Huge file rvb


I have a small problem (actually is quite big for me)

I was hired recently and I’m supposed to be the only developer (the previous one quit). I have coded in C# even for Rhino but never coded in VB or RhinoScript.

I found that all tools developed here in RhinoScript are included in one single rvb file (I don’t know if this is a good idea). This file can contain about 15000 lines and over 100 Functions or Subroutines…I think this is crazy, but there is very hard work behind.

My problem is that when I want to debug the script Rhino remains thinking and thinking (over 1 hour) and finally I get upset and I close Rhino in hard way. I tried debugging with smaller scripts even with multiple functions or Subroutins and everything works right…

Can anybody help if this is normal and if there is anyway to debug such a big file? I don’t know if the amount of lines and functions is the reason for this problem…

Thank you!

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Hi Vito,

RhinoScript debugger will either freeze or take forever on larger scripts, if you have more than 2000 lines of code I would say, sadly, you should not rely on using it…


Thanks for your fast answer Jarek!

Is there any solution or idea how can I debug this monster?

I am guilty of creating such monsters myself, that go beyond what the current far-from-perfect debugger can handle. The only way I was dealing with it is to put an Exit Sub/ Exit Function where the breakpoint would be and before that add some codes to print the values of the variables in question. Far from efficient, I know…

You need to refactor. But there’s a business context to this, so:

Step 1: manage expectations: tell your boss you’ve inherited a can of worms because the code can’t run in the debugger. You’ll have to refactor. Anything non-critical in the backlog will have to wait.
Step 2 (assuming your boss accepts step 1): Review the code. Is it well commented, so you can follow what is ostensibly happening? If not, is it externally documented? If you don’t have commentary/documentation it’s time for more expectation management…
Step 3: Start to refactor. No regression testbed? More expectation management…

Good luck!

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Another way to try to deal with it would be to break up the single rvb into independent smaller pieces but that depends on the structure, organization and how “tangled” the code is. Sounds like a nightmare to inherit.

Thank you guys! Everything you say make sense!

I’ll think about those different ways you are proposing…But there is no documentation or comments at all. Nothing.

Can we get to a conclusion here? For such a big projects (and if you want to work debugging of course), coding in enviroments like Visual Studio or similar is better?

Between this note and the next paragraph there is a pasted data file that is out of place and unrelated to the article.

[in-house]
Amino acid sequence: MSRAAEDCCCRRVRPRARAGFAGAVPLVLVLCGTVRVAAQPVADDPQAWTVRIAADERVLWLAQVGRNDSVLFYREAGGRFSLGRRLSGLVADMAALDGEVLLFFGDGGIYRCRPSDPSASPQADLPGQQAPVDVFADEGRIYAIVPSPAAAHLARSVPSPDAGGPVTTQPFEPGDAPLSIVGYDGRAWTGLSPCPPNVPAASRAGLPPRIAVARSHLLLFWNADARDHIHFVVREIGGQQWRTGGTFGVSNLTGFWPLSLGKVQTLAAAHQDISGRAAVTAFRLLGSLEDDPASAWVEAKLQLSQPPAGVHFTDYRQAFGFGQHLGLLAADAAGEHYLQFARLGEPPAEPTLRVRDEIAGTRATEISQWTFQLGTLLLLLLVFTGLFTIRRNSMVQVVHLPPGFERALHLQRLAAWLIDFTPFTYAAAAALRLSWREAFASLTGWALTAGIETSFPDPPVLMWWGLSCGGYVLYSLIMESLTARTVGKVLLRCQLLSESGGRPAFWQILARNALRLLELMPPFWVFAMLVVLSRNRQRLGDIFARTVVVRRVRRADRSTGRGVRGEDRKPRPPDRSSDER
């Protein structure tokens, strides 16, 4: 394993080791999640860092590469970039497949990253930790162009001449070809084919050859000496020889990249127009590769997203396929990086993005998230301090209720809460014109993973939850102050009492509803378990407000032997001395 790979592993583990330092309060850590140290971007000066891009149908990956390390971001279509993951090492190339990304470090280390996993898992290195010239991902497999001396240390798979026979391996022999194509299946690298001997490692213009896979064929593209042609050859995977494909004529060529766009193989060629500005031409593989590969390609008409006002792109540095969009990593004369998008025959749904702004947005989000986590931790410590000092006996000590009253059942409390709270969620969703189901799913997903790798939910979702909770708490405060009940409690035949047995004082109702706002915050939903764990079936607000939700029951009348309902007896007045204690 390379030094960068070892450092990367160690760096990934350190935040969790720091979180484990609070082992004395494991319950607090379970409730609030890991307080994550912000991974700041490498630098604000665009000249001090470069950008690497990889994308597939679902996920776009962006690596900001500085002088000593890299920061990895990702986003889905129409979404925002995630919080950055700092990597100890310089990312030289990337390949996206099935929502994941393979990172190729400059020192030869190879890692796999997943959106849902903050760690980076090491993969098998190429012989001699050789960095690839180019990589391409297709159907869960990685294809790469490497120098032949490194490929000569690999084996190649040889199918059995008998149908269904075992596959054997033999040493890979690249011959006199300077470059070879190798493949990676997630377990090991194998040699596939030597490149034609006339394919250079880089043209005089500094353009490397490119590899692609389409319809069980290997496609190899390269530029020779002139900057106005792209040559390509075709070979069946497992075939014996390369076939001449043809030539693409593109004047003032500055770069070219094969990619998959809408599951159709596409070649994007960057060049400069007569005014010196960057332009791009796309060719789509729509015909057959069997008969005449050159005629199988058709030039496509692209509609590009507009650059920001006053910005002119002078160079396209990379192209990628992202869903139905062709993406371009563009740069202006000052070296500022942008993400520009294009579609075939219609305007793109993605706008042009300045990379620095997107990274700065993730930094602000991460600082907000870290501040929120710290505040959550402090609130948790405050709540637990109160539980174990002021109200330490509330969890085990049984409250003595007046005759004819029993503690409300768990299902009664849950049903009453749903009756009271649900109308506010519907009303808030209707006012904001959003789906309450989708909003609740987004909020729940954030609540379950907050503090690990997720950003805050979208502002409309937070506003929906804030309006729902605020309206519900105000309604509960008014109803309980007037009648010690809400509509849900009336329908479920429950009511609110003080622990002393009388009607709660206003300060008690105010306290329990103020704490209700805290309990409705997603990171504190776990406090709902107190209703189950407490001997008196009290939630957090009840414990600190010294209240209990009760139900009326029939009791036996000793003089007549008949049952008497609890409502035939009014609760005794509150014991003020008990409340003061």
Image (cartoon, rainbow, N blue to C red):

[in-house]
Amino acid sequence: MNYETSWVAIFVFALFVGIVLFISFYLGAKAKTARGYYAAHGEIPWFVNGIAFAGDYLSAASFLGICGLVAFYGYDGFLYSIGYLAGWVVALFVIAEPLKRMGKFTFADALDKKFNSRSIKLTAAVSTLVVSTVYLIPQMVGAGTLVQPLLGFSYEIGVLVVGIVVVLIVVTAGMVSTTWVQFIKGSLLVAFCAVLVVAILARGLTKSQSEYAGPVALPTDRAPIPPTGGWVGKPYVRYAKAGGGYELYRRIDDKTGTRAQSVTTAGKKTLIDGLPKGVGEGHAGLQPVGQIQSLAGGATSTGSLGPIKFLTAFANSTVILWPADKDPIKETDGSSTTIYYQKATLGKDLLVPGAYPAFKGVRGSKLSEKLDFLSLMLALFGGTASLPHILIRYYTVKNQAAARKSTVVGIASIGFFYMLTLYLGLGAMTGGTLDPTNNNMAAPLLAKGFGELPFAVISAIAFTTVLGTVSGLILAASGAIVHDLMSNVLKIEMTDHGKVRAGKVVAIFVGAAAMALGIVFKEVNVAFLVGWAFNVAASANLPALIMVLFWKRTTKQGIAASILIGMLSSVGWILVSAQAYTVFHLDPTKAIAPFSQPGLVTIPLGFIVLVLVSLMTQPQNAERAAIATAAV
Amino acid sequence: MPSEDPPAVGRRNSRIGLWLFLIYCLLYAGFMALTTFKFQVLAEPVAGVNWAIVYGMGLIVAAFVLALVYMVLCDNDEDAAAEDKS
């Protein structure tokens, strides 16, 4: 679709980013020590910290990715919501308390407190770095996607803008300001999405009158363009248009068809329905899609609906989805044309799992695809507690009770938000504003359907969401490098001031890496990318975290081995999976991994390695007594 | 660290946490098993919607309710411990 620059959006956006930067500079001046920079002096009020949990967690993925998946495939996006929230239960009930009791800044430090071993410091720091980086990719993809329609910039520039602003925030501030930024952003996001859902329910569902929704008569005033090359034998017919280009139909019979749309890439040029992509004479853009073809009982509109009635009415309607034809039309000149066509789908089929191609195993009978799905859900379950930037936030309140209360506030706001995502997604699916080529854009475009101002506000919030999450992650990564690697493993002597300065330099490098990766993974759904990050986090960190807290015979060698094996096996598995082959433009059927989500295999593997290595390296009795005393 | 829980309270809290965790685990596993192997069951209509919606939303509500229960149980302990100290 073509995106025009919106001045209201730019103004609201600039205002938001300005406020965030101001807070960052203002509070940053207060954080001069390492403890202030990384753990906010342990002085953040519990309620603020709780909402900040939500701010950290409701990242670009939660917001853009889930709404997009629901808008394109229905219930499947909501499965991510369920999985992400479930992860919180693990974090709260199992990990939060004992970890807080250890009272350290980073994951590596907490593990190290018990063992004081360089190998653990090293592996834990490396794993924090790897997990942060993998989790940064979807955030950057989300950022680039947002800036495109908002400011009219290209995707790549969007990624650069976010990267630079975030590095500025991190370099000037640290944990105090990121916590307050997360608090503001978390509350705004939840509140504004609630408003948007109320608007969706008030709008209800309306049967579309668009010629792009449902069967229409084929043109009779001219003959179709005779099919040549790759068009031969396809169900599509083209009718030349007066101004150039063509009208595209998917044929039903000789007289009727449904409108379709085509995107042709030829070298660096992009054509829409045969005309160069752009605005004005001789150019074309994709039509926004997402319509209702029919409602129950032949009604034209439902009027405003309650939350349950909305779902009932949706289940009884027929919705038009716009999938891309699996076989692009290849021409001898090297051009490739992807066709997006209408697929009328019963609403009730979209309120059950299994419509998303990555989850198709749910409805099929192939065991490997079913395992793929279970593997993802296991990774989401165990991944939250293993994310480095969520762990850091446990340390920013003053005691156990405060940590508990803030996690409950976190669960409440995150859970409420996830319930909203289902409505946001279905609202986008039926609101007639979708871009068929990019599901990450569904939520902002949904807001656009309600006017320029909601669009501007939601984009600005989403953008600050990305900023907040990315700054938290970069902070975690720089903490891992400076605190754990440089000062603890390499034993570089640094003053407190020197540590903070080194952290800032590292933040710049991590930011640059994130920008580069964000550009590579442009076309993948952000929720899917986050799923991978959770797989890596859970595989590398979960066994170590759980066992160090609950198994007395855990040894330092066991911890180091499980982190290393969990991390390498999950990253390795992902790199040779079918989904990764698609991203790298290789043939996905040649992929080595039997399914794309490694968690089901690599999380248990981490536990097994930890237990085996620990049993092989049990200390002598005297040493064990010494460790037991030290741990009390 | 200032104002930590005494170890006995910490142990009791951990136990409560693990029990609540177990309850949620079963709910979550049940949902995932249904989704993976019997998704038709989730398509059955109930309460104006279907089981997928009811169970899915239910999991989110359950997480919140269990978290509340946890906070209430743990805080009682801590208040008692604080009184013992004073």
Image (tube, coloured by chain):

A lot depends on business context. Are you there to maintain the Rhinoscript or to create new functionality? Did your boss hire a C# developer because they want to move away from Rhinoscript? Yes, Visual Studio provides better facilities for development (but AFAIK no-one has created a Visual Studio environment for Rhinoscript).

If I had to deal with your Rhinoscript I would pull it into a good code editor like UltraEdit and use that to start cross-referencing procedures and functions to find the interactions. Then split out a small self-contained group of them into a separate file and start to add comments. That will start to give you an insight into the previous developer’s mind. Then repeat with further self-contained sets of procedures and functions of greater and greater complexity. Divide and conquer is the watchword.

When it comes to breaking down your large file into a set of more manageable small ones, the following may be useful:

Again, good luck

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Thank you so much Jeremy!

I’m here to create new functionality inside this “monster” and also to fix several bugs or errors detected…

As you say, I have to sit down with my bosses (they have no idea about coding) and show them this situation. I feel quite unconfortable with this, because I have to explain I don’t agree with how it was done (by other who is not already here), and I have to spend quite lot of time refactoring and creating documentation, which is very “unproductive time”.

But, I have clear all implicit benefits…so this is time investment.

Thank you once more!

I’d advise you to lose this mindset. It is actually the most productive time, because everything you do thereafter will be done more quickly and with less risk of error than if you hadn’t grasped the nettle.

I wouldn’t start on new functionality until you have some understanding of what is there already. But if there are bugs to find and fix, try to work them into your refactoring so that when you deal with a portion of the code you can also fix a bug and deliver tangible benefit as well as intangible.


How far back does the existing code go in time? Most likely it got to what you see by “growing like topsy” over a long period by a person (or several persons) who “learned by doing”. If you begin your planning discussions with management by mutually understanding the history you will probably be able to discuss the future in terms that don’t insult or disparage your predecessors or management and create a reasonable set of mutually acceptable goals and plans. And what Jeremy said. :grinning:

Yeah @jeremy5 , I totally agree with it. I was just showing what managers can (not sure) think about this.

Thank you @AlW!